The hot stove season rarely leaves any player completely out of online trade discussion. But after Theo Epstein admitted there was a possibility the Cubs could trade away one or more young position players to bolster the starting rotation, well, Russell’s name came up.

And he saw it.

“There was a lot of trade talk,” Russell said Saturday. “My initial thoughts were, I hope it doesn’t happen, but wherever I go, I’m going to try to bring what I bring to the table here. It’s a good thing that it doesn’t have to be that way. I’m happy being in a Cubs uniform, I want to be in a Cubs uniform, for sure. But there was some talk out there. If I got traded, then I got traded, but that’s not the case.”

No, it’s not, as the Cubs solved those pitching questions with free-agent spending, bringing in Yu Darvish and Tyler Chatwood to replace the departed Jake Arrieta and John Lackey. It means Russell, along with oft-discussed names like Kyle Schwarber, Ian Happ and Javy Baez, are all still Cubs.

While the outside world might have expected one of those guys to be moved in some sort of blockbuster trade for Chris Archer or some other All-Star arm, the Cubs’ young core remains intact, another reason why they’re as much a favorite to win the World Series as any team out there.

“I’m really not surprised. The core is still here. Who would want to break that up? It’s a beautiful thing,” Russell said. “Javy and I in the middle. Schwarber, sometimes playing catcher but mainly outfield. And then (Kris Bryant) over there in the hot corner, and of course (Anthony) Rizzo at first. You’ve got a Gold Glover in right field (Jason Heyward). It’s really hard to break that up.

“When you do break that down on paper, we’ve got a lineup that could stack up with the best.”

This winter has been about moving on for Russell, who said he’s spent months working to strengthen his foot and shoulder after they limited him to 110 games last season, the fewest he played in his first three big league campaigns.

And so for Russell, the formula for returning to his 2016 levels of offensive aptitude isn’t a difficult one: stay on the field.

“Especially with the injuries, I definitely wanted to showcase some more of my talent last year than I displayed,” Russell said. “So going into this year, it’s mainly just keeping a good mental — just staying level headed. And also staying healthy and producing and being out there on the field.

“Next step for me, really just staying out there on the field. I really want to see what I can do as far as helping the team if I can stay healthy for a full season. I think if I just stay out there on the field, I’m going to produce.”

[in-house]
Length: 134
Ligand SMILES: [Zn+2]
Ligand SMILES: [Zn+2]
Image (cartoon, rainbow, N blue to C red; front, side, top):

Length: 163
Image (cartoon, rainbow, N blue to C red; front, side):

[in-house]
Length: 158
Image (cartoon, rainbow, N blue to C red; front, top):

While the decrease in being on the field meant lower numbers from a “counting” standpoint — the drop from 21 homers in 2016 to 12 last year, the drop from 95 RBIs to 43 can in part be attributed to the lower number of games — certain rate stats looked different, too. His on-base percentage dropped from .321 in 2016 to .304 last year.

Russell also struggled during the postseason, picking up just six hits in 36 plate appearances in series against the Washington Nationals and Los Angeles Dodgers. He struck out 13 times in 10 postseason games.

Of course, he wasn’t alone. That World Series hangover was team-wide throughout the first half of the season. And even though the Cubs scored 824 runs during the regular season, the second most in the National League and the fourth most in baseball, plenty of guys had their offensive struggles: Schwarber, Heyward and Ben Zobrist, to name a few.

“You can’t take anything for granted. So whenever you win a World Series or you do something good, you just have to live in the moment,” Russell said. “It was a tough season last year because we were coming off winning the World Series and the World Series hangover and all that. This year, we had a couple months off, a couple extra weeks off, and I think a lot of guys took advantage of that. I know I did. And now that we’re here in spring training, we’re going to get back at it.”

Five top-25 matchups highlight loaded episode of High School Lites

Five top-25 matchups highlight loaded episode of High School Lites

High School Lites had five matchups between top-25 teams on Friday night as the Public League Playoff semifinals and big matchups in the CSL South, Catholic League Blue and SouthWest Suburban Blue took shape.

Be sure to follow us on Twitter @NBCSPreps for the latest news and scores for IHSA basketball.

Wintrust Athlete of the Week: Palatine's Eduardo Orozco

Saint Xavier Team of the Week: Maine West girls basketball

Highlights

No. 1 Simeon holds off No. 4 Whitney Young

No. 2 Orr gets revenge on No. 3 Curie

No. 9 New Trier takes down No. 6 Evanston

No. 8 Fenwick handles No. 10 Loyola Academy

No. 23 Homewood-Flossmoor rallies past No. 18 Bolingbrook

Oswego East upsets No. 20 Joliet Central

Andrew shuts down Thornridge

Sandburg tops Lockport in OT

Richards runs by Shepard

Maine West captures second straight girls basketball regional title